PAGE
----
The Palmer home, built in 1907, has remained almost unchanged since its opening. It was a home for the elderly run by The Kings Daughters until 1987, then was added to the National Registry of Historic Places in 1988.
From the National Register of Historic Places:
The Palmer Home sits on a slightly elevated, neatly landscaped, six lot plot in what was formerly known as “Bradford City” in Dover, Delaware. Both on the exterior and interior, the building has been little altered since it was originally constructed in 1907. The only major alteration is the two-story brick wing to the south which was added in 1930.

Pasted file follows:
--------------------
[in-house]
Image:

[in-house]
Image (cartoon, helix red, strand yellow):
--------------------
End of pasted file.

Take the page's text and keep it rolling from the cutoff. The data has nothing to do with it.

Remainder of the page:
The Palmer Home is an eight bay, two and one-half story, gable roofed, brick, Colonial Revival building having a molded cornice with returns at each end of the main section. Paired partially exterior, brick chimneys are located at each gable end of the main section. There is an exterior brick chimney on the rear wing’s gable end. The building is laid in seven-course common bond. It has four pedimented dormers with six over six, double-hung sash windows on the facade. The roof is covered with asbestos shingles. The remaining windows are primarily six over six double hung except for the palladian window over the main entrance which has a keyed arch. In the middle of the exterior gable end chimneys are double windows with rounded brick arches on the first and second story and a smaller round arched window with a keyed brick arch at the attic. The remaining windows all have flat brick arches. The front door which has fifteen lights at the top and a paneled bottom has side lights with a decorative lead design.